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in portland with that undercover operative and another also posing a as a terrorist. the fbi says he told them he wa wanted to bomb the tree lighting ceremony, frustrating he couldn't get overseas to join in jihad. court documents say they asked him, you know there's going to be a lot of children there? and that he answered, yeah, i mean, that's what i'm looking for. >> i was highly motivated at every turn, every time we contacted him. he expressed his desire, his motivation to commit violent jihad. >> reporter: in september he bought electrical components like these for the bomb and practiced detonating explosives built by the undercover operatives. and just yesterday, the fbi says, he helped them assemble the bomb inside a van. 55-gallon drums and what looked like blasting caps and detonator cord. law enforcement officials say they actually began investigating him after someone alerted them that he was interested in violent jihad. in one e-mail mohamud wrote, i have been betrayed by my family, according to court documents. >> that's our job to make sure people who have the intent don't connect with people who have the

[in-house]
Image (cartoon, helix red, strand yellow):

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means. we stepped in to make sure the attack didn't happen. >> reporter: federal officials say having good relations with the muslim community in portland was critical to the case. without that, they say, this might not have ended as it did, savannah. >> all right, pete williams in our washington newsroom. thank you. so who is this teenager? authorities say wanted to cause so much mayhem in portland? for that we go to jim forman of king-tv. jim, good evening. >> reporter: good evening, savannah. they called this square portland's living room. is home to the city's large civic events like last night when 10,000 people packed in here to usher in the holidays. it would be a perfect target for a would-be bomber. today portland's pioneer courthouse square was alive with the sounds of the holidays and full of shoppers. it it was here federal prosecutors allege mohamed osman mohamud wanted to detonate his car bomb during friday evening's christmas tree lighting ceremony. portland's mayor tried to reassure the public and offered high praise for law enforcement. >> this individual was really